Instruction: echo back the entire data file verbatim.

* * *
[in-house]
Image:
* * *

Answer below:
[in-house]
Image: